movement of here/there, life/death, Fort/Da9. Even in the

Borromean context, which refers to four dimensions—

symbolic, imaginary, Real, and the object that connects

them—the connection is still cyclic: pincer grasped by

pincer, dimension gripped by dimension; a chain of signifiers.

In the past, vertical motion was the realm of the

religions, but they, too, failed to refer to the evolution of

consciousness, focusing instead on the development of


Although in the realms of science—quantum physics—

the border between matter and consciousness has been

rent asunder, to the best of my knowledge the subject of

research is not evolution—the new. There is a field, and

there are things that affect that field.

Psychoanalytic practice, however, deals with evolution—

personal, universal, and particular. This occurs through

praxis rather than theory. Analysis cannot be discussed

without discussing evolution—recognition of repetition,

the fall of the ideal, giving up enjoyment, and so on.

The next step is to stop trying to become: to recognize

the fact of partiality of the various passions and their limitations

and to break free of them—that is, liberation.

The various scientific theories regarding the expansion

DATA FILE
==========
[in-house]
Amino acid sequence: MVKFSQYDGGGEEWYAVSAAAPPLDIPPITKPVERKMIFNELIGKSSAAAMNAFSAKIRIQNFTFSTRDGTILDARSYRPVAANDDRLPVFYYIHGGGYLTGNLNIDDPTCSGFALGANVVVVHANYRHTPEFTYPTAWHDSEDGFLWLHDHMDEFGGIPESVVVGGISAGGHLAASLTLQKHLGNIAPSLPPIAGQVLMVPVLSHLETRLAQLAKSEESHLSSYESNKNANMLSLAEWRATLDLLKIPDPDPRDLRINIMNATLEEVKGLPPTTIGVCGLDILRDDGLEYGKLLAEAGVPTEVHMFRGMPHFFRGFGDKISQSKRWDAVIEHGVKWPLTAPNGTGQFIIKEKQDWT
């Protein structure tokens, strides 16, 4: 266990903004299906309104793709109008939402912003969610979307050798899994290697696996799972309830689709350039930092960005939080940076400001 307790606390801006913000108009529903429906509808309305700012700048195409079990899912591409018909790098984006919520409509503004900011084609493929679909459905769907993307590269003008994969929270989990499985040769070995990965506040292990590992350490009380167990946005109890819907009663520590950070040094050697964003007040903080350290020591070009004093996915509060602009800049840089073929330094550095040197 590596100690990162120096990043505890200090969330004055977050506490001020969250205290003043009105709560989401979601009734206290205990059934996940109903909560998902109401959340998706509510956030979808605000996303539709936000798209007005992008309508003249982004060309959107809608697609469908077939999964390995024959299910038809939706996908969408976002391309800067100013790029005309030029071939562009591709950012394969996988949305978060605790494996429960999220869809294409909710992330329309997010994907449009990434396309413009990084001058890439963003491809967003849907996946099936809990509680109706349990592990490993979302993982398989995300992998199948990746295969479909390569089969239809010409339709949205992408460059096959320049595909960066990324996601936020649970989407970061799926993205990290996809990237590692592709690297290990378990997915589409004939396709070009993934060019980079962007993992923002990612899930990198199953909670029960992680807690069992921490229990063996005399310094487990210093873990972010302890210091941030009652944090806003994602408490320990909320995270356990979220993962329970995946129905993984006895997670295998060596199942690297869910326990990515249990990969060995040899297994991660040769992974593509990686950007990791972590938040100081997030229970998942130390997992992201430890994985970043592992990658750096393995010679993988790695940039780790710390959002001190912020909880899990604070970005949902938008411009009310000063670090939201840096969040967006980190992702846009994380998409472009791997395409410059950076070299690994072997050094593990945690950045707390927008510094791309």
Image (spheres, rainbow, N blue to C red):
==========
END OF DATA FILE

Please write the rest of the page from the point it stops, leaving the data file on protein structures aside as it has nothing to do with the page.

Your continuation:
9 Those are the words used by Freud’s grandson while playing with a reel in

a day that his mother was away, throwing it away and bringing it back. See

Freud’s article “Beyond the Pleasure Principle” 1920, p.100.

and contraction of the universe also have an evolutionary

element. This element exists in the anomalous, in the

“not everything.” Transition is the subject here—from the

phallic to the feminine, giving up enjoyment, inventing

knowledge, identification with the sinthome10.

What does psychoanalysis exist for if not to prevent

repetition? To liberate from fixation, to create a space for

desire to move in, to improve the representation of drive

with new metaphors? To fell the ideal? To leave identification


Lacan also referred to the Pass as a possibility for evolution

of knowledge through transmission.

§ The movement and training of the analyst

In referring to the training of psychoanalysts, Miller

(2002) talked about “formation”—training—and what lies

beyond training— “transformation.”

The question of training becomes more refined when

the objective is not only to accumulate knowledge but that

certain subjective conditions should emerge: transformation

of the subject’s being, or training for wisdom, like in

Zen—that is, subjective transformation without transmitting

any specialist knowledge.

10 Synthome—a structure which is created at the end of analysis with which

the subject can identify. It is constructed from a combination between the

word “symptפme” (symptom) and the word “saint homme” (holy man).

Training requires that the psyche mutate. Genuine training

transmits spirit and a path and is realized when the

individual develops a new character. In real training we are

always ready for surprises and the unknown—in the same

way that interpretation works as an Act that leads to change

in psychoanalysis. Study is not training. Miller’s concept, in

the wake of Lacan, says that proper training always starts

after study. It includes within it “ignoring what one already

knows” (Miller, 2002). Its aim is perfection.

In training—as in therapy—subjective transformation